info and resources for this modern brush-based level editor tool
TrenchBroom (or TrenchBroom 2, or TB) is a free open-source cross-platform 3D level editor with modernized Quake-style brush-based construction and ongoing updates / support. It is widely used across several modding communities as well as commercial projects.
We recommend TB as a decent general purpose 3D level editor tool that potentially works with multiple game engines on Windows, macOS, and Linux.
TB departs from previous Quake-era level editors to emphasize 3D construction in a single view pane.
Clipping planes can be 3D, and all brushes are automatically validated for convexity. TB is also great at resizing many brushes at once, with SketchUp-like handling of shared planes and contextual extrusion. For its construction capabilities alone, we recommend TB for building blockouts, but it also allows surprisingly detailed modeling and texturing when art passing.
TB's vertex manipulation and automatic brush validation, by Benoit "Bal" Stordeur
TB's visual UV texture editor with "mapversion 220 (Valve)" style skewing, by Benoit "Bal" Stordeur
building a 3D torus using TB's brush tool, clipping tool, and CSG merge by Benoit "Bal" Stordeur
TB currently has only basic tools for scripting levels. It parses a .FGD file for entity definitions, and users can create and edit keyvalues to script gameplay, with some limited autocomplete and colorpicker support. This is suitable for simple Quake-style scripting with entity chains, but lacks the functionality of something like Hammer's extensive entity I/O system.
Outside of Quake modding, most users do their level scripting in the Unity / Unreal / Godot editor itself, and make minimal / no use of TB's entity support. But if you really want to implement custom entity support for your game, you must write your own .FGD file and create your own TrenchBroom game configuration.
Is TrenchBroom a good choice for your game engine? There are two levels of technical compatibility to consider:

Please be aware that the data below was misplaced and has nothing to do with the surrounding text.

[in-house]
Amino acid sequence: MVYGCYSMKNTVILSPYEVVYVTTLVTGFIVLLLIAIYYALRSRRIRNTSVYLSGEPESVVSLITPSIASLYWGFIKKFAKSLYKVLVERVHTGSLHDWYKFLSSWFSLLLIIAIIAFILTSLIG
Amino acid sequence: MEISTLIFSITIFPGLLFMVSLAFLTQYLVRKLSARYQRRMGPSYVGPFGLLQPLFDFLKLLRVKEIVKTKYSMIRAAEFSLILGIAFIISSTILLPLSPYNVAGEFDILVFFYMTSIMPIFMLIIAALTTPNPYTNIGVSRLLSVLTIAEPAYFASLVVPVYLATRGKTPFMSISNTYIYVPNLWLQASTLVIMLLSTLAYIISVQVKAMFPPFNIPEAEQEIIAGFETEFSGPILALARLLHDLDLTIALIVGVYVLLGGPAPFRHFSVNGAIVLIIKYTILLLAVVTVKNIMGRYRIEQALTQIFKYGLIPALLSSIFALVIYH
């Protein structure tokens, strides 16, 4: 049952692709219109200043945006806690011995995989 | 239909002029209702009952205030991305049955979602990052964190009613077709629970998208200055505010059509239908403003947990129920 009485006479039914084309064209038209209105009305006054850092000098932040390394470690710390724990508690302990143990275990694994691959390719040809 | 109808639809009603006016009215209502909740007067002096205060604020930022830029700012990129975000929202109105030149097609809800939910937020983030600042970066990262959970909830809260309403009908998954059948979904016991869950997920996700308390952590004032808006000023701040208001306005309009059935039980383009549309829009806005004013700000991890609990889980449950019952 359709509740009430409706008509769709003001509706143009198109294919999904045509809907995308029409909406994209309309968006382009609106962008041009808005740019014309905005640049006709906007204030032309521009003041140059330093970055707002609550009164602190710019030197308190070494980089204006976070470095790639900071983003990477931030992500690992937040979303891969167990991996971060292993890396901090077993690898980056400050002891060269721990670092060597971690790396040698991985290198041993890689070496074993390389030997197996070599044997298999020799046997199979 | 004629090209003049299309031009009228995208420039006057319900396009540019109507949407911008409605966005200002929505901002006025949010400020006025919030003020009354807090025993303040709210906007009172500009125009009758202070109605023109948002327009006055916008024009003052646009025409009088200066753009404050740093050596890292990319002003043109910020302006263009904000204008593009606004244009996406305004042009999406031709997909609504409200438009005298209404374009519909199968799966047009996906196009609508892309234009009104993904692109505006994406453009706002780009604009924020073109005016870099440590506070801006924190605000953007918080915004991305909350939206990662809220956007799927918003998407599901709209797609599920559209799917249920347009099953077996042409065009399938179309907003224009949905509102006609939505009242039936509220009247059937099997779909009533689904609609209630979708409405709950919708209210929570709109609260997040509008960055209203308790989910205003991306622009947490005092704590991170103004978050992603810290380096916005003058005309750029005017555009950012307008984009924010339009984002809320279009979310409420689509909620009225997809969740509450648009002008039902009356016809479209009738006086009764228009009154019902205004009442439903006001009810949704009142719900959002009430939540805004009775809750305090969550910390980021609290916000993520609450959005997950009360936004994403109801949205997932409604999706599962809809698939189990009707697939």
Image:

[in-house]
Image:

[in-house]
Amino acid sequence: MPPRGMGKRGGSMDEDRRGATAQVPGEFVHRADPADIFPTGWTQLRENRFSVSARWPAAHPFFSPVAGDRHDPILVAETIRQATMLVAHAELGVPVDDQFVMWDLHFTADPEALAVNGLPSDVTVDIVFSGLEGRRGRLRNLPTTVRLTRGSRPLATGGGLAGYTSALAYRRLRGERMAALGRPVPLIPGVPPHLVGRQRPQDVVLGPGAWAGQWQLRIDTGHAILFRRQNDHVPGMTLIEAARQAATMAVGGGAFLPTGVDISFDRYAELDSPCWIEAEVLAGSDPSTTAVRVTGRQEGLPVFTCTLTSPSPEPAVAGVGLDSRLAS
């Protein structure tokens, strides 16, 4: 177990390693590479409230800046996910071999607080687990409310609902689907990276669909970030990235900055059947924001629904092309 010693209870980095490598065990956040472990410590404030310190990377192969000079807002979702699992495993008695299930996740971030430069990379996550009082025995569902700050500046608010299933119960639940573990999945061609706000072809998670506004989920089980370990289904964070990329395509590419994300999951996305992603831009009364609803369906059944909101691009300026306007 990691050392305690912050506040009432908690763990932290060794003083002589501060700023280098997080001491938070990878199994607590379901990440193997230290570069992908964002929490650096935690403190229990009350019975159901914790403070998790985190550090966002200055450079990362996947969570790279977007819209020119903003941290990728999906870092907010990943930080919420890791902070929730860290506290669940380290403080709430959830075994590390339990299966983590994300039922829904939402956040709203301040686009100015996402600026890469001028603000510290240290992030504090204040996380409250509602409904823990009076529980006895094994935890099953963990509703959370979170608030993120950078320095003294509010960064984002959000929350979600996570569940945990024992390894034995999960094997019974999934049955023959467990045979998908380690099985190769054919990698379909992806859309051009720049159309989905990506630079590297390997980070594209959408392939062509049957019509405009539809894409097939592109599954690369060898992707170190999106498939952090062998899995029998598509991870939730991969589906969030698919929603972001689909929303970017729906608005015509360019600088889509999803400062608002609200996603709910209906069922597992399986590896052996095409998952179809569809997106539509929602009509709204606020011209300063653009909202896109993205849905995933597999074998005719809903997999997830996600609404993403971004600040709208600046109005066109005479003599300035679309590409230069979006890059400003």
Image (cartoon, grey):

- .MAP support: can your engine import or compile .MAP files?
- TB's main file format is a Valve variant ("version 220") of text-based Quake .MAP format.
- Your engine needs some sort of compile tool or plugin to process .MAP files.
- Optionally, you can also parse / import compiled .BSP files instead. However, Quake 1 / Half-Life BSPs strip out all brush information, which makes convex collider calculation impossible.
- Worst case scenario -- export brushes to .OBJ but lose all entity data
- Integration: can TB hook into your game assets and display them?
- To place enemies, doors, or other game objects, the level editor needs to import a file that lists all these types and their properties. TB's main entity definition format is a WorldCraft .FGD file with special extensions just for TB.
- To preview textures and 3D models in the 3D camera view, TB supports Quake-era file formats (.WAD, .MDL) or common 3D formats (.OBJ) or 2D formats (.TGA, .JPG, .PNG) via FreeImage. No BLEND or FBX support... yet.
importing .MAP geometry into Godot Engine using the Qodot plugin
- Bal's Quake Mapping Tips & Tricks (2022) by Benoit "Bal" Stordeur is a crucial must-read for intermediate / advanced Trenchbroom construction techniques. Although Stordeur is working in Quake, his advice is applicable to using Trenchbroom for any game.